horrible hairdos of my 1970’s childhood

I thought I would have a little fun at my own expense on the subject of my various childhood hair arrangements. I’m afraid I’ll have to drag my sister into this one too.  This fun will also be had at the expense of my parents which is just fine with me.  I hold them partially responsible for these “hairdon’ts”.  Every time I have questioned them as to why I was dressed or coiffed the way I was in the 70’s, it is met with a response such as “Oh honey, that’s just what people did back then.”.  REALLY?

Chrissy - 1975, 5th grade

Julia - 1975. 2nd grade

Why DID people do this to their children in the 70’s?  This is not a rhetorical question.  I’m looking for answers.

Chris - 1977, 7th grade

Another question. Why did my father cut our hair at home?  He had no discernible barbering skills and we did not seem to own any professional haircutting tools (such as sharp scissors).  We lived in a college town, so certainly there had to have been some decent beauty shops?!?  We were not poor, though for some reason we only seemed to own one single comb, and several of those horrible lime green and hot pink Goody plastic brushes with the pointy ends.  The pointy ends of those brushes had many other applications, for example my sister once used one to express her anger over some injustice by ramming it through the vinyl headrest of our family Gran Torino station wagon.

My adorable daddy aka:The Hair Butcher

Speaking of those brushes with the pointy handles, my best friend’s mother would subject us to pigtails any chance she could.  Pigtails were very practical for long summer days spent playing in the yard.  She would sit me down and furiously brush my hair into submission.  Then she would wield the sharp end of one of those flourescent brushes like a shiv.  She would press it against my now-stinging scalp to create a part from the middle of my forehead to the nape of my neck.  At this point she would again vigorously brush and tug and wind the hair into two pigtails.  As a finale to this excruciating ordeal, she would secure the pigtails with the elastics with brightly colored plastic balls on the ends requiring that she temporarily pull the pigtail even tighter.  She pulled the pigtails so tight that my eyes would water, and the skin on my face would pull back into a shiny, distorted mask.  God forbid we should complain.  She was from Texas after all, no wussiness allowed!  As soon as she had dismissed me with a loud “RUN ALONG!”,  I would disappear and release my facial skin.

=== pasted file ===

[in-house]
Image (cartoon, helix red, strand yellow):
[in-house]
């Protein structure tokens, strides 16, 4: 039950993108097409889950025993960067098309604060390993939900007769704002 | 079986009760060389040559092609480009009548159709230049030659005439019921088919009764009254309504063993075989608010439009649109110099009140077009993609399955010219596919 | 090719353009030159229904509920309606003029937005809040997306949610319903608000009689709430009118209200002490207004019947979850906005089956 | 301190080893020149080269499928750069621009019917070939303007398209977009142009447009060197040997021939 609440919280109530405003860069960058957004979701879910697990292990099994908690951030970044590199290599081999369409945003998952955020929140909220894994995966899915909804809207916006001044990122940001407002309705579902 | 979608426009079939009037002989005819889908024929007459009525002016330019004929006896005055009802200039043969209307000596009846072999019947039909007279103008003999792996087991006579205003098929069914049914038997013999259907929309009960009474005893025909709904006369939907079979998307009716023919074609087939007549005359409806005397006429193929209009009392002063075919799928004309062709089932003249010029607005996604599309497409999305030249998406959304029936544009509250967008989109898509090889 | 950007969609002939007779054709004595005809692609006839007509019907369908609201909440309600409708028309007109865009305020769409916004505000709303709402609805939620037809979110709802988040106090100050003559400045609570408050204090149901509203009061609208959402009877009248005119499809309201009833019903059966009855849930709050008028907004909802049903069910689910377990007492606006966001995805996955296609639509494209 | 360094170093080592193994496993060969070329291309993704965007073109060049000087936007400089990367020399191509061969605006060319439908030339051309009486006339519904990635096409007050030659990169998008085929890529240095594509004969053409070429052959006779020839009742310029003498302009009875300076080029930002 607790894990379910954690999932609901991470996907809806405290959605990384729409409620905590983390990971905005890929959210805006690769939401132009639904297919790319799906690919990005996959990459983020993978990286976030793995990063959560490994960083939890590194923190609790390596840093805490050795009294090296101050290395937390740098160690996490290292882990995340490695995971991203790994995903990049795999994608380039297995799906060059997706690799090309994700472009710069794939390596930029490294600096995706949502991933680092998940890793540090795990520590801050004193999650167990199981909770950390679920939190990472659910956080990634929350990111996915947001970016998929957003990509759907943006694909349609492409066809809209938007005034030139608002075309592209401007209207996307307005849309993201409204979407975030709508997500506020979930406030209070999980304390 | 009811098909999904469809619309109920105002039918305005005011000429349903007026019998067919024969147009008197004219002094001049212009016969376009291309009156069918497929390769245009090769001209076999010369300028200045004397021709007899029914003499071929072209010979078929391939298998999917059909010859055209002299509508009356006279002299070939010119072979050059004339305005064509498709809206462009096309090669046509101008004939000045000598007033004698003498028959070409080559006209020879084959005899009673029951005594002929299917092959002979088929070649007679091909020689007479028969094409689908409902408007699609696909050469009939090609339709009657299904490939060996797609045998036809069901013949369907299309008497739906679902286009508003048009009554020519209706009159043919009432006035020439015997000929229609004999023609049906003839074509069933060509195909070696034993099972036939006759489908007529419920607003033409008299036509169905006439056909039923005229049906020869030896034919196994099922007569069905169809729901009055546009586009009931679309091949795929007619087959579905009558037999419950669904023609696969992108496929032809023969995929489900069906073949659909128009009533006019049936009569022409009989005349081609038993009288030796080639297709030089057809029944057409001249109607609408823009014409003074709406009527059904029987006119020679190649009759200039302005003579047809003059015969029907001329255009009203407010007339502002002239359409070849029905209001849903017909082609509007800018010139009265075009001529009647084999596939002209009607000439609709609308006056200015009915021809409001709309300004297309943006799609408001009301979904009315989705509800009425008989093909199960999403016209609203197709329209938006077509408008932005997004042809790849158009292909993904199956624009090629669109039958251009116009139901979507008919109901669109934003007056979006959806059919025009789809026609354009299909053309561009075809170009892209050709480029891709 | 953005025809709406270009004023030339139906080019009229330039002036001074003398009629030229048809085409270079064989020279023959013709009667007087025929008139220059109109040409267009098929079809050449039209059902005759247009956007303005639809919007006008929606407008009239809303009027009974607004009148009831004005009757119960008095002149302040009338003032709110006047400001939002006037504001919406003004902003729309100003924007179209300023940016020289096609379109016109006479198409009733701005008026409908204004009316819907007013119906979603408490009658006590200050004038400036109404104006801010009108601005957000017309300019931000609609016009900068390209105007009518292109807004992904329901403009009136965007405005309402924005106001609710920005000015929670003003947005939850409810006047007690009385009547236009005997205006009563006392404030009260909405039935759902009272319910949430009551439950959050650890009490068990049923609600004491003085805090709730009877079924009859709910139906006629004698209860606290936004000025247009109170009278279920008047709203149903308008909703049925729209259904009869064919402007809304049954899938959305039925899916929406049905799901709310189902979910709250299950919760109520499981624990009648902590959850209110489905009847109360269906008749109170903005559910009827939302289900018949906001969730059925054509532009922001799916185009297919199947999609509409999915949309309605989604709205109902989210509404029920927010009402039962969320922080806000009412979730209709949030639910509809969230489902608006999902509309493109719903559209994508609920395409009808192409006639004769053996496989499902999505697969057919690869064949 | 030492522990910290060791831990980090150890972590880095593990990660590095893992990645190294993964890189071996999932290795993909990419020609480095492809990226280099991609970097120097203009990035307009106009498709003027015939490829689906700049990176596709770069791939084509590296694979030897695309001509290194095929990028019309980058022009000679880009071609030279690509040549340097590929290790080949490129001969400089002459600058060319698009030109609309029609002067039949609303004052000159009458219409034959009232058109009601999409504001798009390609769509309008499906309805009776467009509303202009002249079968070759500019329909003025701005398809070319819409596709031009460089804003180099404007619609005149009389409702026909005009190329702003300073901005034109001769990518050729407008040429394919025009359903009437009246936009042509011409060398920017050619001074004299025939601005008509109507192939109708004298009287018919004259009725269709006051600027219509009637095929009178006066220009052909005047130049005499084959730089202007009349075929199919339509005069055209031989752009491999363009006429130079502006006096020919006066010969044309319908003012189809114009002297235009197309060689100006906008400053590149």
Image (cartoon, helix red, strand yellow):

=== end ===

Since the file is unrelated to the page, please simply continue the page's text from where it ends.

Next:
My niece Mia demonstrating the power of tight pigtails.

My sister has graciously allowed me to include this delightful picture of her mock-Suzanne Sommers hairdo from the 5th grade.  I guess this ‘do was something she cooked up on her own without my mother’s permission. Maybe she’s still proud of that.  I think these side ponytails were popular for a while because I wore them too.

Julia - 1978, 5th grade

Meanwhile, my mother was a goddess in the 70’s.  She wore her thick, jet-black, shiny hair long for years, and later cut it into a fashionable bob.

My mother and father - 1973

Late 70's

MY hair as a child however, was not goddess-like.  It wouldn’t do anything I wanted it to.  It was terrible when I tried to make it feather, or curl back or lay straight or be curly.  Here is an example.

Chris - 1979, 9th grade

My mother seems to think it appropriate for women to wear their hair short at a certain point, maybe somewhere around menopause.  When she has an opinion like this, it triggers a childish yet powerful urge in me do the opposite.  I might end up being one of those eighty year-old women with a giant bun just to test her theory.  I do admit though, that this rebellion against my mother has not worked out very well for me in the past, so maybe by the time I am 80 I will have given up on it.

The 80’s and 90’s were not always kind to my hair either, but that is a whole different post, and I won’t be able to blame it on my parents.

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15 thoughts on “horrible hairdos of my 1970’s childhood

  1. Lordy, I remember all those hairstyles and more. I had short hair and was cheered “atta boy!” at the Heart of the Valley Road Run when I was 8. I managed to gasp out, “I’m a GIRL!” Realigning gender confusion seemed more important than breathing at the time. And it’s put me off running forever. (That picture is exactly as I remember your parents btw – your mom’s hair was(is) gorgeous.)

    • Funny Kate! As I was trawling through the old photo albums looking at pictures for this blog post, I happened upon quite a few old photos of you. Including your school picture from the time you mention…so cute!

  2. And don’t even get me started on the hair products – or lack thereof. I can’t recall using hair conditioner until the 80s. Did it not exist, or were my parents just cheap? (hum, maybe better not to answer that) Daughter Liv was incredulous. “But how did you comb your hair when it was wet?”

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